The Importance of Barcodes
Since they first rolled out in supermarkets in the 1970s, barcodes and barcode scanners have become essential tools in today’s globalized economy. No longer confined to retail shelves and supplier warehouses, barcodes are used across multiple industries to streamline operations and improve data accuracy. Given their continued importance, it’s helpful for developers to keep the key advantages of barcodes in mind as they build applications that could benefit from them.
Four Key Barcode Benefits
Since scanning a barcode automatically enters a large amount of data into a system, they are incredibly valuable for streamlining recordkeeping and improving efficiency. Modern supply chain and inventory management simply would not be possible without the use of barcodes. Rather than manually entering inventory and shipment data for every item into a system, employees can simply scan entire pallets, crates, and even shipping containers to instantly know what contents they contain inside. Given the sheer scale of products moving through a supply chain, barcodes allow companies to automate a key process to save time and money even as they scale operations. Barcode scanners can also streamline onboarding and training since it takes much less time to teach someone to use a scanner than to manually enter data.
2. Error Reduction
Manual data entry is notorious for its high levels of human error. According to research conducted over several decades, even workplaces with the best performance measures in place see human error rates of five to ten failures in every hundred opportunities. That’s a lot of opportunities for things to go wrong, whether it takes the form of inverted characters, skipped lines, misreadings, illegible markings, or faulty keystrokes. Even worse, once an error occurs, it will often be reproduced across a system, making it very difficult to locate and remediate the original mistake. According to one estimate, errors resulting in bad data cost businesses more than $600 billion each year. Scanning a barcode, by contrast, completely automates the data entry process and significantly reduces the risks associated with manual errors. Information encoded into a barcode will be reproduced accurately each and every time the image is scanned to ensure consistency across systems.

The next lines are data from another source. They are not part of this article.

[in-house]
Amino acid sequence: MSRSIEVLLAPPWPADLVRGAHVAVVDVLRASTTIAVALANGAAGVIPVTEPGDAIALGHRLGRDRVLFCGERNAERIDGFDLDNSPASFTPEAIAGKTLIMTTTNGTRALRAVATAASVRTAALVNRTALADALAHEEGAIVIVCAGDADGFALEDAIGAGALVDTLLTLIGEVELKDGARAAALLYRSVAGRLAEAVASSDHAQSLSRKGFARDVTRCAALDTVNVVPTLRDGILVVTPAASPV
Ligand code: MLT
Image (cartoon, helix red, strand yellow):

Each time a barcode is scanned, it creates another step in a data trail that can be easily referenced to locate items and events. This allows businesses to greatly improve real-time visibility into their operations. From identifying a shipment’s most recent location or determining whether or not a patient picked up their prescription from a pharmacy, barcodes help organizations and customers alike to track down information quickly and accurately. By improving visibility throughout their systems, companies can deliver a better customer experience that builds trust and prioritizes transparency. Since barcodes are easy to create and print, they can be added to almost any type of business process to streamline productivity and track essential activities.
4. Data Collection